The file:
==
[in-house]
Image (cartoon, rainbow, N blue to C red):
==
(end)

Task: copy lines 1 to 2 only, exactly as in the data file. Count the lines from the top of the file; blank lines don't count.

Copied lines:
[in-house]
Image (cartoon, rainbow, N blue to C red):